After discussions with Marianne Elliott, who directed the play at the National, I decided to insert some of the draft lines into my version. Not many - just over 30. But, combined with a few cuts and a reordering of a key scene, they gave us a playable text. The girlfriend was freed from her Pollyannaism, a new layer of irony was revealed, and the actor Damian Lewis was able to locate the wily politician within Bernick and give a champion Tony Blair impression.

The experience of reworking the final act of Pillars got Marianne thinking. After the production closed, she asked if I'd consider adapting Ibsen in a more radical way, perhaps by imagining one of his plays as a window on to a place and time that wasn't Norway of the 19th century.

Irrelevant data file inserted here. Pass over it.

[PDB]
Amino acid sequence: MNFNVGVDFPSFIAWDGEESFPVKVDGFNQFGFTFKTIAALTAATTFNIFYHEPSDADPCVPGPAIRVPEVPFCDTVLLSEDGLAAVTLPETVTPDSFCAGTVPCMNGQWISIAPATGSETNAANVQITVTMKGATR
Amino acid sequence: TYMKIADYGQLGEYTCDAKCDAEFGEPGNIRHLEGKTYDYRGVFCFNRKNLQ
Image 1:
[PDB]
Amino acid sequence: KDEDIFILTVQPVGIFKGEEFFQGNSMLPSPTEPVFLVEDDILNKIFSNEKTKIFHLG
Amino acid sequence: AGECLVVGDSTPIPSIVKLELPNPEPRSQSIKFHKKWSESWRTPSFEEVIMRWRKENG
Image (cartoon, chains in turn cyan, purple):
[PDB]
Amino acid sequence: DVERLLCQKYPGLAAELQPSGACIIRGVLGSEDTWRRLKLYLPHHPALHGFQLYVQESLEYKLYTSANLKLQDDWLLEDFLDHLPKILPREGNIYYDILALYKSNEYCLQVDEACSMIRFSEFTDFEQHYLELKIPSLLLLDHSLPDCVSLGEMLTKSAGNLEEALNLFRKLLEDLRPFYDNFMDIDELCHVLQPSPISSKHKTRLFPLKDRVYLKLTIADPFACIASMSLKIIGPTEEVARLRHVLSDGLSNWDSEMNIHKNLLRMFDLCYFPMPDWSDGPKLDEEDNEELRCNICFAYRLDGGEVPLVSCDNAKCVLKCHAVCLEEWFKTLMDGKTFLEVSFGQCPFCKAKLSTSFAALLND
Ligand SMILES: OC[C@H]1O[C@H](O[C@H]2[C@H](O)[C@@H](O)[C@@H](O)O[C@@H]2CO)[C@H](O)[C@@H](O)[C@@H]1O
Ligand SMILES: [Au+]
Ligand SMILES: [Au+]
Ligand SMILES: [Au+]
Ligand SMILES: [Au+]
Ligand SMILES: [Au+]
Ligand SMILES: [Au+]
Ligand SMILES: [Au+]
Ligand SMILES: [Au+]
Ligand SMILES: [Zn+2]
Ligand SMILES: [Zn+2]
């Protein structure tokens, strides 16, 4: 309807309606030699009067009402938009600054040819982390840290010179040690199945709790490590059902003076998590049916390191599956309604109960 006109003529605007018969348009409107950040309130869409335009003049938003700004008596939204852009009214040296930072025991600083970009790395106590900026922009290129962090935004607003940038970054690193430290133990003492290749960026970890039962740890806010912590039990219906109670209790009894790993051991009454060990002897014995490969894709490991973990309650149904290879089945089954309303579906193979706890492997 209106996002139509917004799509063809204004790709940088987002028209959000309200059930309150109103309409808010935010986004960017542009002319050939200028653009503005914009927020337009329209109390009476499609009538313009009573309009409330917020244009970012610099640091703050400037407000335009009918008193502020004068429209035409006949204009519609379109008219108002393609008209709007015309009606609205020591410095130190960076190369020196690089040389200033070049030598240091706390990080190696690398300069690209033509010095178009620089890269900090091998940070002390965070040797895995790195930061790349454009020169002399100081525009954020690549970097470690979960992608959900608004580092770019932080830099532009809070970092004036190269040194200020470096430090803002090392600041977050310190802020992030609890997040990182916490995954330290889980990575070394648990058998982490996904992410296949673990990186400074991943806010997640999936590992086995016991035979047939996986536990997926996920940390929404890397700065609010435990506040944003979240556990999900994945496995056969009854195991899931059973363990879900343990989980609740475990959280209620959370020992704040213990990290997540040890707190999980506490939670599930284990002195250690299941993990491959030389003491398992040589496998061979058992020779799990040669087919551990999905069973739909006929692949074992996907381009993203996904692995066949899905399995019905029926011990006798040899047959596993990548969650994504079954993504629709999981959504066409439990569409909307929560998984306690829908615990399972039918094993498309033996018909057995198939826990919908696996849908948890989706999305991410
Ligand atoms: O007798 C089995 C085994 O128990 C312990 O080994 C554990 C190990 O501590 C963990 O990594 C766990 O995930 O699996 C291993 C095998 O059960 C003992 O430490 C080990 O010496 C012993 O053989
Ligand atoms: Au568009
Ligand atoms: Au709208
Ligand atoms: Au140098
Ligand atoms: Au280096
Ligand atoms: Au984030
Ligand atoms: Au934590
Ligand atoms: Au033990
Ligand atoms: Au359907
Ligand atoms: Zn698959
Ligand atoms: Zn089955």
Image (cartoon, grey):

I'd been asked to do something similar before, a Noughties update of A Doll's House, that famous play in which Nora slams the door on her husband so she can make sense of the world. But Noughties Noras don't have to leave men in order to make sense of things - thanks, in part, to the original Nora - so I couldn't work out what she'd be slamming the door upon. I decided A Doll's House should be left alone - though I did wonder, briefly, if it could be set in the 1950s.